CSS Smooth Text Color Transition


The words, as they are arranged in the first example —SUNRISE POST / ORACLE POST [i]— are taken from the end credits to the sixth season of the American TV programme Cops (1993–94). Sunrise Post and Oracle Post are the names of the two production companies that did the post-production, that is, the processing of the recorded material. The first thing to notice is that, in a digital age, post-production is a somewhat anachronistic phenomenon. Today, the actual production of video or other visual presentations to a large extent takes place at the post-production stage. Through post-production we (re-)create what we pretend to have left behind. In that sense, post-production corresponds to something that has gone before, a phantasmatic production that becomes visible retroactively. Something is produced in its absence. We are in a terrain that is recognisable from psychoanalysis, above all with regard to the structure of the symptom. The symptom articulates something that has gone before, but is constituted on the basis of its difference. Through that difference a continuity is established. In this sense, experiences that were previously indigestible are postponed. Even if those experiences have not taken place at all, they are structurally necessary for our understanding of what causes the subject. With the starting point in the present a past is determined, which in the subject’s reality is assumed to determine the present.
              We have also talked about the future as if it comes towards us. We have said that we meet the future. The implication of this is that time’s arrow flies backwards, from future to present—and even further back. The allure of this meeting lies in its ontological aporia—its implied potentiality and the precariousnessof total impossibility. How can beingcome from the future, out of something that is not? A meeting presupposes mutual presence, but what meets us is never really there—hence, it is by definition not the future. Saint Augustine attributes this meeting to the difference between what meets our sight and what can only be said: “I see the dawn, I predict that the sun will rise. What I see is present, what I foresee is future—not that the sun will exist (it already does), but that its rise will exist. That has not yet occurred, so I could not predict its rise without having an image of that event in my mind (as I do even now when I mention it). Two things I see—the twilight preceding sunrise, which yet is not sunrise, and the image of sunrise in my mind, which is also not sunrise. Both these things must be seen in the present for the future to be predicted—the sun’s rising.”[ii]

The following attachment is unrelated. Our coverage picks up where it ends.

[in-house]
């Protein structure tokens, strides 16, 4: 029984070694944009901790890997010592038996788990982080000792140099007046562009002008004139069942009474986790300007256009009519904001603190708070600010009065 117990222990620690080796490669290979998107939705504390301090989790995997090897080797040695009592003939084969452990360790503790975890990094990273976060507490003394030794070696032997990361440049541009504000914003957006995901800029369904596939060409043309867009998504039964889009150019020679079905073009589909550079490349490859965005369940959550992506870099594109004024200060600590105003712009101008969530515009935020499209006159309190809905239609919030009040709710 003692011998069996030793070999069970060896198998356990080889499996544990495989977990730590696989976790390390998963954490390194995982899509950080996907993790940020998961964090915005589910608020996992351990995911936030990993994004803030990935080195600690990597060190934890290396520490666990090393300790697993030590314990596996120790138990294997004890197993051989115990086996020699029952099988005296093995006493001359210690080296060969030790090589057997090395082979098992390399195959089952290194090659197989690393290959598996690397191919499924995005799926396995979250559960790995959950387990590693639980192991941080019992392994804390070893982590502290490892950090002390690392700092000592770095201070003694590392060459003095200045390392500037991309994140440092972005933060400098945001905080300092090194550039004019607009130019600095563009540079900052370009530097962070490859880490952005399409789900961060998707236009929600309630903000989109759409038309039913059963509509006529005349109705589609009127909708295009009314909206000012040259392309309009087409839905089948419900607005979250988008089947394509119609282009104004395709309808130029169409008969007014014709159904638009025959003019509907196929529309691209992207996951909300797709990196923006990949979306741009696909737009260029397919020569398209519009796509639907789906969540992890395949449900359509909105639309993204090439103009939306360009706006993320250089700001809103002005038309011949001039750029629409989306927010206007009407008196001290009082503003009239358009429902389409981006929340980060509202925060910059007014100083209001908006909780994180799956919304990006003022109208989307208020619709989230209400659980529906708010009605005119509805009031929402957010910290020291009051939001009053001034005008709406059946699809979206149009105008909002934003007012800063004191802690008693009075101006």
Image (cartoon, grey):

The aporia cannot be explained away by internal images that presage the future. The future cannot be observed, not even through internal images. Such images are present and can therefore by definition not be identical with the future: “Future things do not yet exist; if they do not yet exist, they are not; and if they are not they can in no way be seen.”[iii] In other words we are blind in the face of the future. It does not yet exist; it is non-existent. And yet, Saint Augustine says, it can be said from “present signs.” What is a present sign? A sign is both concrete and general. It is both descriptive and transcendent. It is totally self-sufficient, and yet always more. Surprisingly enough, I am thinking here of On Kawara, the vague specificity of his date paintings. What date? Just this date ≠ any date. A sign is something that indicates a direction. We detect a direction in the sign that points away from it, towards what it no longer is or is yet to be. Dawn is a present sign of a future sunrise. The distinction between seeing and saying here opens up an oracular space for action. The oracular act as such makes me speak. It is what I see that speaks; the sign speaks through me and it says more than sight is able to register.